legal duty on the government to cut emissions by at least 60% by 2050.

As Mr Benn told the Guardian today in his first major interview on
global warming since taking over at the Department for Environment,
Food and Rural Affairs, he believes that improving home energy
efficiency is crucial to meeting targets for reducing carbon
emissions. He said the bill would lay plans for “one-stop-shops” for
homeowners to make their houses more environmentally friendly, by
offering advice on greener living, installation services and loans for
equipment such as solar panels.

While the planned legislation has been welcomed by environmental
groups, concerns have been raised that the targets do not go far
enough and the bill should include sectors such as aviation and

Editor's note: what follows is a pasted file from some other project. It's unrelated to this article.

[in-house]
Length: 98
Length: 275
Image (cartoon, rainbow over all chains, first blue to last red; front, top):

shipping to be fully effective.

The original draft of the bill left out industries including aviation,
and set a target of 60% reduction in CO2 emissions by 2050, which
campaigners claim is too low.

In his speech to the Labour party conference last month Gordon Brown
announced he would be asking the new climate change committee,
proposed under the bill, to review whether that target was strong

But environmental campaigners are sceptical that the government will
be able to meet a more robust long-term target when it is currently
failing to achieve its own short-term domestic target of a 20%
reduction in emissions.

MPs also called today for the creation of a new Whitehall body to
drive climate change policy. The environmental audit committee (EAC)
said the government’s current framework for dealing with climate
change was “confused” and did not promote effective action on reducing

The committee suggested there should be a new climate change
secretary, based in the cabinet, who would be in charge of the
government’s climate policy.

The MPs also recommended the creation of a new cross-departmental
climate change minister who could attend cabinet meetings.

The EAC’s chairman, Tim Yeo, said: “Th UK must be equipped to meet